Alan Zendell spent more than thirty years as a scientist, aerospace engineer, software consultant, database developer, and government analyst, writing really boring stuff like proposals, technical papers, reports, business letters, and policy memoranda.  But trapped inside him all that time were stories that needed telling and ideas that needed expression, so with encouragement and cajoling from a loving baby sister he plunged into fiction.  Since then, he has written mostly science and extrapolative fiction with three-dimensional characters.  It’s the things they believe in and how much they’re willing to invest to preserve them that make a story worth telling.  It’s convincing interactions and well-researched credible plots that make a story worth reading. And, of course, like any writer, Alan loves having an audience.  You may find Alan’s books here


Linda Rondeau said...

Great post, Alan. Of course, Steve and I can relate. We visited my brother a few years after he moved down here and vowed we hated the humidity. My lungs got so I couldn't take the cold anymore. So here we are three years later in Jacksonville. If you'd like to get together sometime, we'd love it.

Caroline said...

Lol, Alan. Great post and surely enjoyed it. We'll have to remember your experience so the rest of us will never say never! :)

Caroline said...

Forgot to say, ugh on the snakes and alligators and hurricanes. Other than that . . . well, we'll see!

Claude Nougat said...

Congrats for saying never say never! You're right, one should always consider any situation on its own merits, very wise. And good luck with your new home!

Sherry Carter said...

I said "never" a couple years ago and yet, here I am living in far west TX.

You are so right - never say never! It's like slapping God in the face with a white glove :(

Linda Robinson said...

Alan, I loved your blog! We spent thirteen years in Central Florida and had a condo in New Smyrna for ten of them. Seemed every time we had northern visitors, we'd take them to the beach in New Smyrna to enjoy the sun and surf and promptly have a nor'easter sent a cold front as far as Florida. We blamed them for bringing us bad weather!LOL

Jeri Fink said...

I loved your blog - and as a Long Islander where EVERYONE seems to end up in Florida, I still say NEVER! Every snowstorm or polar vortex we get a call from Floridians asking whether we're jealous and when are we moving south.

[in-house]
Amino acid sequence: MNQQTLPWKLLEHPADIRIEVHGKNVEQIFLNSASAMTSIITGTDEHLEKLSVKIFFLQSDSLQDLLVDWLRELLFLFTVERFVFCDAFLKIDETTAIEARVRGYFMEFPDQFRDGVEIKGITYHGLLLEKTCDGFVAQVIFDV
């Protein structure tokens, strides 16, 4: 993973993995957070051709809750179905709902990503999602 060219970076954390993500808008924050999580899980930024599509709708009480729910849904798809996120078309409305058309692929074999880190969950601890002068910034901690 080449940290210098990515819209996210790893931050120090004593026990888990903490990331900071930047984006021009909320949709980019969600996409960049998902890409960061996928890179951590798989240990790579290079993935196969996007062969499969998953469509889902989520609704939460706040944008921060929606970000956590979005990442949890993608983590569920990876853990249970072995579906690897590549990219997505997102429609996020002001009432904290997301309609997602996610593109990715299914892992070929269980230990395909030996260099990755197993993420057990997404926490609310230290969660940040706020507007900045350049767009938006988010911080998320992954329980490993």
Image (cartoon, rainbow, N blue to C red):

I'd rather retire (west) to Manhattan!

alan said...

Thank you all for your comments. Linda, next trip we plan to explore north a bit - St Augustine and Jacksonville. Nice to meet for lunch?

Jeri - we're from LI originally, too, which is why I also always said never. But we have a new twist. As we froze in Florida these past weeks, my other son in San Diego kept sending pictures of warm 75 degree days at the beach. Aren't kids wonderful?

I love Manhattan too, but I have to value grandchildren ahead of it.

H L Wegley said...

Alan, in 2005 my wife and I rented a condo on the beach on the Gulf side. Flying from Seattle & planning a stop to see our kids in Arkansas, we ran into Hurricane Rita twice. First when Rita shut down the Houston airport. We couldn't land there and were diverted to Minnesota. We flew into Little Rock, rented a car, and ran smack into Rita, now a tropical storm, as we drove south to our kids house. When we got to Florida, the backwash from the storm pushed the red tide onto the Gulf-side beaches, concentrating it and resulting in a huge fish kill (which stank to high heaven). The red tide left toxic particles in the air that were a lot like mace. No one could go on the beaches and the restaurants along the beaches closes because the workers were going home sick. If you want to go some place warm during hurricane season, try the Hawaiian Islands.

Patricia Bradley said...

Yeah, I've learned to never say never as well. Doesn't matter what it is, I always end up doing it. Great post!

Patti Shene said...

Hey, Jeri and Alan, I'm a former Long Islander as well! Where are you guys from? I grew up on the South Shore in a small town called Bayport.